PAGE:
5. Be curious – this is all about being a good interviewer and employing good listening skills. If you’re so interested in telling someone about yourself, but you’re not listening to what he or she has to say, how can you possibly come across as a person whose services they would want to consider? It’s absolutely essential to know how to ask questions that may help you understand what their needs are and then learn to listen effectively. So, you’ll be able to tell someone about what you have to offer in a way that will relate specifically to his or her business. It will send a signal to that person that you heard what they were saying and could respond to it. You certainly don’t want to come across as an interrogator, but as someone who is interested in learning more about the person with whom you’re speaking. Simple statements like, “Tell me about your business,” can often be the most effective. You’re trying to get the person with whom you’re speaking to open up a bit about what they do.

Get entire team on board
These rules apply to virtually anyone who has to sell or pitch business, which, of course, is everyone. But, it’s also an important element for companies. How does your firm sell its services to potential clients? Every member of the team needs to have the right message when going out into the marketplace. Take my company for example. At Silverman Media Group, our message is clear. We’re all about improving communication in every aspect of your business from the executive suite to marketing from sales to the mailroom.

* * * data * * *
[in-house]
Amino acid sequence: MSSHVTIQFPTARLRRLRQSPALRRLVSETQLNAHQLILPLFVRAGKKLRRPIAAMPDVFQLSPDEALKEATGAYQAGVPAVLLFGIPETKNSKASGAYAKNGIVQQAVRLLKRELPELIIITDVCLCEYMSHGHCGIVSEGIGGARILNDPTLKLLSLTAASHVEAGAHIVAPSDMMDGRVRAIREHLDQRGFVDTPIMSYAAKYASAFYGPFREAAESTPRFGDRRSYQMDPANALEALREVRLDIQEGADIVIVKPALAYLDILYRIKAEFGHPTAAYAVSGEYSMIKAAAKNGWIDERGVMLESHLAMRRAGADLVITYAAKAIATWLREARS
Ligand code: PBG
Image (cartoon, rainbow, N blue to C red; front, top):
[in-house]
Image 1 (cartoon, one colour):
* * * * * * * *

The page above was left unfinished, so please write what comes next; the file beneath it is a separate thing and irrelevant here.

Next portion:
Making the elevator pitch part of the training process is a good way to arm your team with the best way to sell your company. It will give your employees a fresh perspective on presenting themselves and the firm. That will telescope the networking process and lead to increased sales. In this economy, it’s essential that everyone is on message.

Role Play
One of the best ways to practice your pitch is to role play with the other people in your department. You could, of course, actually go out and meet new people to practice your pitch. But, it’s safer to practice with another member of your team until you’re confident about what you have to say. Although, practicing within your team can be dangerous. Especially, if you come up with a pitch that sounds good inside your bubble, but doesn’t work on the outside.

Here are a couple of examples of how you might conduct a conversation. Of course, nothing works better than actually doing it. I am condensing the conversation to make the point more quickly.